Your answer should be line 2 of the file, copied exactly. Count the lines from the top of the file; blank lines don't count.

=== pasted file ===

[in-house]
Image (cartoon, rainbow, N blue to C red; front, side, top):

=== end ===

Image (cartoon, rainbow, N blue to C red; front, side, top):